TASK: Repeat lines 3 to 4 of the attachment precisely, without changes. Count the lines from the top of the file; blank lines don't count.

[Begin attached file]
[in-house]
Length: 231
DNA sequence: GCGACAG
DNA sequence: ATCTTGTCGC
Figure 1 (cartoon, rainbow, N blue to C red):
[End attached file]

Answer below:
DNA sequence: GCGACAG
DNA sequence: ATCTTGTCGC